There are many USA made foods such as Salmon Ears and that offer safe treats. In reality, both are as cheap as the brands you listed so there is no reason for your dogs to give up treats. 🙂

    And Narelle, Eukanuba is crap. Sorry, it is. Adding enough fat to give your dogs a better coat doesn't make the food good. Is it as bad as Ole Roy– no. But it is so far from a really GOOD food. Well read Whole Dog Journal and check out comparisons on the Dober link. Make informed choices.

    If your dog is SICK and needs an Rx food, many of the makers of food I wouldn't feed (such as Hill Science Diet, Purina and yes, Eukanuba, etc) are the only game in town, and they do a great service to provide foods that few buy but when you need specifics, they have it. But for the general dog, I want human grade ingredients and better quality than you are going to get with stuff like Eukanba.

  31. Btw, I am all for people who have the commitment to making their own dog food, but be careful. Dogs need a balance beyond just throwing in some meat and veggies. In fact veggies need to be pretty much pulverized for them to actually use. The longest standing veterinary approved books come from Donald Strombeck (UCDavis veterinary nutritionist expert). If I knew where my copies of the 2 books I have were buried, I’d send them to you but by the time I find them you could order, read and well, be back visiting Japan.

  32. You won’t find the information on the FDA site for the same reason they underreported the number of pet deaths that led to the 2007 recall. Business interests take priority over animal safety. See link below.

  33. @Tam Dixon: I didn’t know about that recall, but I don’t feed my ferals Science Diet, either! Elway’s having horrible seizures today and I’m alone because Mr.Deni’s working, but yesterday I asked my vet about the prescription diets and she said she has a lot to say about them and she’ll call me when she’s back in town, so I’ll let you know what she says. She’s very interested and well-versed in animal nutrition, and I’d love to know what vets really think. She doesn’t work for my regular vet any more (and we’re moving to where she is right after all this, at least for the seizures), so I think she feels more comfortable talking about it now. Doesn’t sound good,though.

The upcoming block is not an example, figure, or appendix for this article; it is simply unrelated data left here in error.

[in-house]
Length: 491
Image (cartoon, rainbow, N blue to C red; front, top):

And @Joe, NO SHIT, this dog food thing is all politics. The vets that don’t work for themselves are stuck selling the stuff for the main vet or choever owns the veterinary hospital/clinic (and there’s a HUGE profit there), and I’m sure they would catch all sorts of shit for saying anything different. I don’t think I’ve ever been in a vet’s office that didn’t sell Hills Science Diet.

    Prayers for my baby Elway would be very appreciated, too, he’s having a really bad day. xoxo

  34. Deni: So sorry about Elway! Sending prayers. We hear so much about Elway, can you post a picture?

    I was very shocked to see a Hills Rx food on the recall list. That’s one reason why I remember it. Plus, I always wondered if their other product made my cat sick years before. We were so naïve then because we thought Hills was above that kind of thing.

    When I worked at the Vet clinic, I did all the buying for the hospital. We didn’t get big discounts or incentives on selling Hills Rx diets. Granted, this was years ago and things might have changed. The Vets only prescribed it for certain conditions. That Rx food literally saved or prolonged lives with certain health issues. It was revolutionary. They had S/D that would dissolve kidney stones in dogs/cats. They had low protein diets for kidney failure patients. I/D food was a good transition food for dogs recovering with the parvo virus or pancreatitis. Very expensive food and it seemed like top quality. Hence, my shock they had the recall on M/D.

  35. 😳 S/D dissolved small “Bladder Stones”. The larger stones still would get surgical removal but S/D saves a lot of pets from that procedure.

  36. @ Das and Mr. Das Happy anniversary
    @ Deni – thoughts and prayers for Elway and crossing fingers

    I cannot find Punisher. Not sure if I should be relieved or upset….LOL.

    Seems like any/every country may try to push off stuf their gov’t does not want for their people to other countries. Can’t remember when/where I read/saw this but I think US passes off drugs to third world countries that the FDA won’t approve for US use as well as some (human consumption) food stuff.

    Politics, power, yada yada….sigh.

  37. @Tam Dixon: Yeah, EVERYBODY hears a lot about Elway, but I have a lot say about this wonderful boy! Heh, he’s so cute. 🙂

    Elway has a sensitive tummy, so he’s always eaten i/d only. I’ve never had a problem with it (knock on wood), but it isn’t cheap!

  38. Deni: Ok, that last one of Elway is my favorite! He is a cutie pie.

    My 19th anniversary is April 10th. Kiddo is going out of town for a band trip on the 13th, so hubby and I are going to spend a day in downtown Memphis. There is a bakery I wanted to try there.